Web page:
ELECTION: Nanango candidates outline their economic vision
This election, the economy has been one of the biggest issues in the minds of voters.
With the COVID-19 pandemic creating the worst economic situation for the country since the global financial crisis, plans to reinvigorate the states economy have been front and centre.
But there has been issues in the Burnett region for longer than the pandemic, with unemployment a long running issue.
In the March 2020 quarter, the Wide Bay-Burnett region recorded an unemployment rate of 9.2 per cent, well above the national rate of 5.2 per cent and even the regional Queensland rate of 6.1 per cent.
To help voters make an informed decision this election, the South Burnett Times reach out to the five candidates running for the seat of Nanango and asked them a series of questions on their plans for the economy.
- The Wide Bay Burnett region has the highest unemployment rate in the country – what can be done to solve this problem?
- Small businesses have faced the brunt of the COVID caused recession, what will you do to help local businesses rebuild stronger than before?
- As is the case across much of regional Australia, many young people are leaving the region for more metropolitan centres in search of careers, what can be done to encourage young people to stay in the regions?
- Agriculture is the backbone of the region – how will you support this industry into the future?
These were their responses:
Deb Frecklington – LNP:
Only the LNP has a plan to stimulate the economy, create a decade of secure jobs and lead Australia out of this recession.
It's vital we support our primary producers as they are the backbone of our region. We will lower the cost of doing business by reducing on-farm electricity costs, slashing 20% off the price of water for irrigators on SunWater schemes and providing a $300 rego rebate for cars and light commercial vehicles, directly discounting 18,237 vehicles used by agricultural businesses.
Importantly, we will review the states vegetation management framework to ensure the laws support the development of economically sustainable agricultural production.
Across the industry, we aim to supercharge the regions by making sure the food and fibre industries are supported for growth and to guarantee our food security.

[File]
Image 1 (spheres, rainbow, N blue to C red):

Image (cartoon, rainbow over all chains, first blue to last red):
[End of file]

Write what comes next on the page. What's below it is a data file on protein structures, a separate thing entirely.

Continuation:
We will ensure agricultural production grows from $18 billion to $30 billion by 2035, and then doubling it again to $60 billion by 2045.
Along with new and improved water infrastructure, the LNP will ensure our young people have a long term career right here in the regions. That gives them a reason to stay, raise their families and grow the local economy.
We need big, bold, visionary infrastructure projects to rebuild our economy – projects like the New Bradfield Scheme, like four-laneing the Bruce Highway through to Far North Queensland, and opening up the resources sector with a 10 year royalty guarantee.
Thousands of jobs will be created – including in the regions, giving our young people a future right here. And we’ll make sure they’re ready for those jobs by lifting participation in training so they can get the skills they need.
The LNP will build new roads, dams and bridges because we know when Queensland is building, Queensland is working.
Mark Stapleton – Labor:
The Palaszczuk Government‘s ongoing response to COVID-19 including maintaining strong borders in the face of fierce resistance, has kept Queenslanders safe.
We have already started to get on with our economic recovery in Queensland, which is so important to our regional economic recovery.
You only have to look to other parts of Australia, Victoria, and around the world to see the economic devastation that a second and third wave can bring.
The LNP’s reckless pursuit of a budget surplus in just four years means cuts to jobs and services, just as we are starting to recover from the global pandemic.
The LNP will cut more than 30,000 jobs – that’s teachers, doctors and nurses, during a global pandemic to reach surplus and pay for their unfunded promises.
In the Wide Bay region it would mean more than 1500 public servants would lose their jobs, that’s including 580 health workers.
In contrast, Labor is delivering the new Kingaroy hospital, creating local jobs.
I know that I am the underdog in this election, but fighting for jobs has made it all worth it.
A key plank of the Palaszczuk Labor Government‘s plan for economic recovery is to invest in our regions kickstarting Queensland’s regional economies.
Our plan will help the regions grow from a strong and stable base in agriculture and resources to attract talent and investment and drive sustainable economic prosperity.
We will enhance digital connectivity and will continue to invest in clean energy and water which are critical resources for the competitiveness of our regions.
Where Labor builds, the LNP cuts. I want jobs in our regions and that’s why I need your vote.
John Harbison – Greens:
The Greens have a bold and fully funded plan to reinvigorate the Queensland economy.
We will create thousands of jobs for the region and revive local manufacturing by investing in publicly-owned renewable energy and public housing.
We will create genuinely free health care and education to reduce people’s cost of living, and invest in essential services to ensure we build an economic recovery where no one is left behind.
We will help small businesses and farmers by stopping the privatisation of essential services and putting electricity and water back in public hands.
We will support the facilitation of farmers‘ markets, and effectively manage climate change adaptation in agriculture.
This could include compensation where agriculture becomes unviable and education and retraining to facilitate a transition to other industries.
One Nation candidate Tony Scrimshaw and Legalise Cannabis QLD candidate Maggie O’Rance did not respond to the South Burnett Times’ questions.